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[ The ewe featured in Figs. 7–9 five minutes after intravenous calcium injection. ]

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[ Recumbent ewe misdiagnosed by farmer as listeriosis (depression and left-sided ear drop). ]

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[ Urination five minutes after intravenous calcium injection. ]

The response to subcutaneous administration of 60–80 mls of 40% calcium borogluconate solution injected over the thoracic wall behind the shoulder may take up to four hours, especially if the solution had not been warmed to body temperature and injected at one site. There is a marked localised reaction to subcutaneous calcium injection.


Addition of appropriate minerals to the ration during pregnancy and thorough mixing are essential. Outbreaks of hypocalcaemia occurring over two to three days may still result after stressful events such as movement or housing but these sheep respond promptly to appropriate therapy. At present, sheep rations are not formulated on the basis of cation-anion balance because hypocalcaemia has a sporadic occurrence with an excellent treatment response providing the sheep are correctly treated.


Three groups of sheep were defined by Berkhardt et al. (1998) based upon plasma concentrations of 3-hydroxybutyrate (3-OHB) and calcium; 214 ewes suffered from ketosis (pregnancy toxaemia, 3-OHB > 1.6 mmol/L), 195 ewes and 5 rams suffered from hypocalcaemia (Ca < 2.0 mmol/L), and 40 ewes were sick with both diseases simultaneously. They concluded that a diagnosis was not possible on the basis of clinical findings. Diagnosis based upon incorrect biochemical normal ranges leads to erroneous diagnoses and treatments e.g. 3-OHB > 1.6 mmol/L is consistent with severe energy deficiency only, whilst concentrations above 3 mmol/L are suggestive of pregnancy toxaemia but can occur associated with inappetance of more than 24 hours. There is little logic to their recommended treatment strategy for all three groups which included daily oral application of Na-propionate, Ca-lactate and K-chloride, and additional subcutaneous injection of Ca-borogluconate, vitamin D3, alpha-tocopherol and selenium. In sheep practice, a thorough clinical examination and response to intravenous calcium borogluconate injection within five minutes will confirm the diagnosis of hypocalcaemia without recourse to often confusing serum biochemical analyses. Farmers must be encouraged to present recumbent sheep for veterinary examination.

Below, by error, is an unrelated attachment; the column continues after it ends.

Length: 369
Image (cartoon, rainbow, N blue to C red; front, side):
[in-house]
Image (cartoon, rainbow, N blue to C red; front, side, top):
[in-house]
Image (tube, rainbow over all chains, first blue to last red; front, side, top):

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[ Lack of menace response in a ewe with pregnancy toxaemia; the ewe is standing but wanders aimlessly. ]

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[ Ewe with listeriosis. The ewe is ambulatory with left-sided trigeminal and facial nerve paralysis. Stupor is caused by involvement of the ascending reticular activating system. ]

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[ Ewe with listeriosis. Walk forward (propulsive) tendency shown by sheep with listeriosis is often confused with ‘head pressing’ behaviour. Careful examination will reveal further evidence of brainstem dysfunction in listeriosis cases (see Fig. 16). ]

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[ Ewe with listeriosis (see Fig 15). There is right-sided trigeminal and facial nerve paralysis. ]

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[ Ewe with listeriosis; there is depression (ARAS involvement), and left-sided trigeminal and facial nerve paralysis. ]

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[ Dull anorexic ewe with secondary bacterial infection of ovine pulmonary adenocarcinoma. Rumen contents at the nostrils of ewes with advanced hypocalcaemia may be confused with primary respiratory disease. ]

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[ Polioencephalomalacia is much more common in growing lambs than adult ewes. ]

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[ Sarcocystosis is poorly described in adult sheep – unresponsive pregnancy toxaemia cases could be further investigated by cerebrospinal fluid analysis. ]

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[ Seizure activity in pregnant ewe with peracute sarcocystosis. ]


In order to test your understanding of this article, answer these multiple choice questions, or if you are a subscriber, go online at http://www.ukvet.co.uk, and find many more multiple choice questions to test your understanding.

  • 1What was the report success rate when farmers treated ewes they diagnosed as hypocalcaemia?a. about 40 per centb. about 60 per centc. about 80 per centd. about 100 per cent
  • 2The annual incidence of hypocalcaemia in UK flocks is reported to bea. about 0.1 per centb. about 0.5 per centc. about 1 per centd. about 2 per cent
  • 3hypocalacaemia is most commonly seen affectinga. 2-crop or younger ewes during late gestationb. 3-crop or older ewes during late gestationc. 2-crop or younger ewes during early lactationd. 3-crop or older ewes during early lactation

Answers to the above questions appear on page 43 of the print version, and as supporting information in the online version of this article at: http://www.wileyonlinelibrary.com/journal/coan

Supporting Information

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S1: Continuing Professional Development – Answers